More about immigration, which is really ultimately about how the labor market is where the “first world” and “third world” collide. Economist Max Sawicky points out that existing welfare state programs, funded by the influx of new workers themselves, can help reduce the impact of this collision, edge it toward resembling something more like a merger, and that immigrants make a society on the whole more progressive. Inother words, illiegal immigration is preferable to outsourcing because our institutions blunt the exploitation of labor and serve to distribute more of the fruits back to the worker in the form of social benefits (a safe country to live in with lots of leisure-time fun, etc.).
This is why Zizek finds it necessary to lampoon the Bono/Davos set LRB in this LRB piece, where he condemns entrepreneur/philanthropists (“liberal communists” — business world equivelants of third-way politicians like the Clintons) such as Bill Gates and George Soros for creating the third world misery that they then try to alleiviate. “Etienne Balibar, in La Crainte des masses (1997), distinguishes the two opposite but complementary modes of excessive violence in today’s capitalism: the objective (structural) violence that is inherent in the social conditions of global capitalism (the automatic creation of excluded and dispensable individuals, from the homeless to the unemployed), and the subjective violence of newly emerging ethnic and/or religious (in short: racist) fundamentalisms. They may fight subjective violence, but liberal communists are the agents of the structural violence that creates the conditions for explosions of subjective violence. The same Soros who gives millions to fund education has ruined the lives of thousands thanks to his financial speculations and in doing so created the conditions for the rise of the intolerance he denounces.”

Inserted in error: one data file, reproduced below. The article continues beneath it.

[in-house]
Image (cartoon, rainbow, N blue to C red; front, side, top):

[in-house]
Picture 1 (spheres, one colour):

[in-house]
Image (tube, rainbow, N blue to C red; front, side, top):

Or as James Galbraith puts it in this review of Jeffrey Sachs’s book The End of Poverty: “Can it be that charity has a price, which is playing the game by the global rules? And can it be that these rules — which force poor countries to open markets, cut social and health budgets, privatize power and water, and starve their public investment — in general create more poverty than charity can cure?”
Zizek has this advice for the next time you are tempted to admire Bono or Soros for their selflessness: “We should have no illusions: liberal communists are the enemy of every true progressive struggle today. All other enemies religious fundamentalists, terrorists, corrupt and inefficient state bureaucracies А depend on contingent local circumstances. Precisely because they want to resolve all these secondary malfunctions of the global system, liberal communists are the direct embodiment of what is wrong with the system. It may be necessary to enter into tactical alliances with liberal communists in order to fight racism, sexism and religious obscurantism, but it’s important to remember exactly what they are up to.”